NOAA reported this week that St Louis, MO has recorded 8 consecutive days with temperature at or above 100 degrees F. This is the most since July of 1936. Atlanta, GA has reported 4 new high temperature records this week as well. The heat has combined with lack of rainfall to produce further drought in states like IL, IN, OH, KY, MO, and AK.

MPR listener question

I have had my air conditioning on continuously since June 27th. Generally I don't open my windows to air out the house until the temperature falls to 60 degrees F or lower at night. So what are my prospects for airing out the house this month?

Answer: Hmmm......I don't see an overnight low of 60 degrees F or cooler in the Twin Cities, at least through mid-July. We usually get about 8-9 nights during July when the temperature falls that low, but this month is tracking to be very much warmer than normal. Perhaps you could open the windows for a couple of hours in the early morning this weekend when temperatures are expected to be in the mid-60s F.

Twin Cities Almanac for July 6th

The average MSP high temperature for this date is 83 degrees F (plus or minus 8 degrees F standard deviation), while the average low is 63 degrees F (plus or minus 6 degrees F standard deviation).

MSP Local Records for July 6th

MSP weather records for this date include: highest daily maximum temperature of 104 degrees F in 1936; lowest daily maximum temperature of 60 degrees F in 1972; lowest daily minimum temperature of 49 F in 1875 and 1942; highest daily minimum temperature of 77 F in 1988; and record precipitation of 2.32 inches in 1877.
Average dew point for July 6th is 60 degrees F, with a maximum of 77 degrees F in 1928 and a minimum of 36 degrees F in 1883.

All-time state records for July 6th

The state record high temperature for this date is 114 degrees F at Moorhead (Clay County) in 1936. The state record low temperature for this date is 30 degrees F at Cotton (St Louis County) in 1969. State record precipitation for this date is 5.30 inches at Minnesota City (Winona County) in 1978; and no snowfall has been reported on this date.

Past Weather Features:

July 6, 1936 was arguably the hottest day in Minnesota history as 3 dozen Minnesota communities reported daytime highs of 100 degrees F or greater. Many set all-time high temperature records for any date, including Moorhead with a reading of 114 degrees F. The 1936 July Heat Wave was especially brutal with little respite. Over 900 Minnesotans lost their lives due to the heat.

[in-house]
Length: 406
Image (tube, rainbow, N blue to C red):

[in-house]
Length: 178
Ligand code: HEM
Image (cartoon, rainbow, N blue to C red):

July 5-6, 1943 brought strong thunderstorms and flash floods to many southern Minnesota communities. Theilman received 4.65 inches and Zumbrota 5.28 inches causing the Zumbro River to reach flood stage. St Peter reported 5.46 inches and Albert Lea 6.25 inches. Many basements were flood and roads closed in those areas.

A Heat Wave prevailed from July 2-10, 1948 as fourteen Minnesota communities reported temperatures of 100 degrees F or higher. For many areas the Heat Wave was made especially difficult because it did not cool off at night. Most temperatures remained in the 70s F.

July 5-6, 1978 brought one of the worst flash floods to Rochester, MN. Evening thunderstorms on Wednesday, the 5th, carried over into the early morning hours of Thursday, the 6th. Many observers in southeastern Minnesota reported over 2 inches or rainfall. Spring Grove received 4.58 inches, while Minnesota City reported 5.30 inches. Rochester reported a whopping 6.74 inches. The storm caused the Zumbro River to exceed its banks and flood many sections of the city, especially the southern neighborhoods and the northeast. Five people were drowned and many roads and bridges washed out. Over 80 percent of the city was without power, and the sewage treatment plant was overwhelmed with flood waters. This flood, and a second one later in the summer, served as motivation for flood mitigation work on the Zumbro River in later years.

July 4-8, 1988 brought another Heat Wave to Minnesota with 40 communities reporting daytime highs of 100 degrees F or greater. This Heat Wave in combination with drought dealt a severe blow to Minnesota crops.

July 6, 1997 was a cold morning in northern counties as 13 observers reported temperatures in the 30s F. Both Embarrass and Tower reported mid-summer frost with readings of 32 degrees F.


Cooler temperatures with a chance for scattered showers and thunderstorms on Saturday and Sunday. Then drier for several days with near seasonal average temperatures prevailing across the state.